Ontario's cancellation of out-of-country coverage leads to travel insurance premiums surge

Ontario's cancellation of out-of-country coverage leads to travel insurance premiums surge | Insurance Business Canada

Ontario's cancellation of out-of-country coverage leads to travel insurance premiums surge

As a new year begins, Ontario’s out-of-country coverage officially ends – causing travel health insurance premiums to increase.

The provincial government first announced its decision in May 2019 to scrap the Ontario Health Insurance Plan (OHIP) after public consultation, reasoning that while the program cost the government $2.8 million annually, it could not keep up with approximately $9 million in claim payments each year. The OHIP was originally planned to be scrapped by October of 2019, but it was later pushed to the start of 2020.

Critics of the discontinuation of the OHIP argued that the change could lead to increased costs, and even make it much more difficult for individuals to access healthcare.

According to Marissa Lennox, chief policy officer of the Canadian Association of Retired Persons (CARP), the association has heard from some members who complained that OHIP’s cancellation resulted in their premiums increasing, as insurers anticipated paying out more for travel health insurance claims.

“It’s become a barrier for them, that they can no longer afford the cost of private insurance because those companies are now bearing the full brunt of the costs,” Lennox added.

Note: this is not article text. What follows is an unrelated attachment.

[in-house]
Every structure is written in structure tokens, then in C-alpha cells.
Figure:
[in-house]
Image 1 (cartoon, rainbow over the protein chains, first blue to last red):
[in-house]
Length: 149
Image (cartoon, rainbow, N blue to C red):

Lennox explained that travel among retired Canadians is huge business; she pointed out that nearly 40% of Ontario’s population aged 65 or older took a trip outside the country in 2019.

“This is just an example where the government has made a decision without fully considering the full impact it would have on older adults in Ontario. They haven’t done anything to address the fact that premiums have gone up,” she stated.

Ontario remains adamant that the decision to scrap OHIP was for the benefit of all.

David Jensen, Ministry of Health and Long-Term Care, told CBC News in an email that OHIP spent a third of its funding on administrative costs, yet it still did not provide meaningful coverage.

“The program’s coverage is very limited with five cents of every dollar claimed,” Jensen said.

“Fully 95% of claims are paid directly to insurance companies. With this limited coverage and low reimbursement rate, OHIP-eligible Ontarians who do not purchase private travel health insurance can be left with catastrophically large bills to pay.”

Although both sides each have strong opinions on the matter, both agree that Ontarians should purchase insurance before going on any trip.

“The government has always strongly encouraged individuals to purchase additional travel health insurance so they are adequately covered every time they leave Ontario to travel abroad,” said Jensen.

“Consumers and travellers should not be travelling without insurance,” Travel College Canada director Louise Blazik advised.